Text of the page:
Is Bernanke Calling it Quits?

Federal Reserve Chairman Ben Bernanke
Alex Brandon/APFederal Reserve Chairman Ben Bernanke, right.
By CHRISTOPHER S. RUGABER

WASHINGTON -- Ben Bernanke is intensifying speculation that this year will be his last as Federal Reserve chairman by deciding to skip the Fed's annual August conference in Jackson Hole, Wyo.

Jackson Hole has long been a high-profile platform for speeches by Fed chairmen. Since taking over the Fed in 2006, Bernanke has been the marquee speaker each year. In 2010, he used his speech to signal that the Fed could launch another bond-buying program. Stock prices jumped in response to his remarks.

His second four-year term will end in January, and neither he nor President Barack Obama has signaled whether Bernanke will serve a third term.

The Jackson Hole retreat, sponsored by the Federal Reserve Bank of Kansas City, will be held Aug. 22-24. A Fed spokesman said Monday that Bernanke won't attend because of a "personal scheduling conflict." He didn't elaborate.

Tim Duy, an economics professor at the University of Oregon and author of the FedWatch blog, said Bernanke's decision suggests that he'll leave the Fed in January.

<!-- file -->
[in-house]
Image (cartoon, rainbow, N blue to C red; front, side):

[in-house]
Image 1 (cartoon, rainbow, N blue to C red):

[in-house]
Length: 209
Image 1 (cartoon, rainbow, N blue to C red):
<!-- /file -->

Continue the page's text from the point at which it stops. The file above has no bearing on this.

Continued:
"I wonder if that indicates what we all believe," Duy said.

All eyes at the conference will likely instead focus on the Fed's vice chair, Janet Yellen, who is widely considered the front-runner to succeed Bernanke. Yellen, who previously led the San Francisco Fed, was appointed vice chair by Obama. Yellen has been a vocal supporter of Bernanke's low interest rate policies, and her selection would suggest that the Fed would continue those policies.

And if Yellen is the keynote speaker at Jackson Hole this year, "that would just confirm her front-runner status," said Zach Pandl, an economist at Columbia Management, an asset management firm.

Pandl said it's even possible Bernanke could inform the White House of his intention to leave, and Obama could publicly tap Yellen to succeed him, before Jackson Hole.


About 140 central bankers, economists, academics and government officials attend the annual conference, which is in its 37th year. In 2010, Bernanke used his speech to list the Fed's options for stimulating a weak economy, including a second round of Fed bond purchases to try to keep borrowing costs low. That was the approach Bernanke eventually announced two months later.

Several of Bernanke's comments this year have caused observers to speculate that he is ready to leave after eight grueling years, which included the financial crisis and Great Recession, and likely resume teaching at Princeton University.

Asked at a news conference last month about his plans, Bernanke said, "I don't think that I'm the only person in the world who can manage the exit" from the Fed's record-low-rate policies and $3 trillion in bond holdings. The Fed has vastly expanded its portfolio through bond purchases intended to keep rates low to encourage borrowing, spending and investing.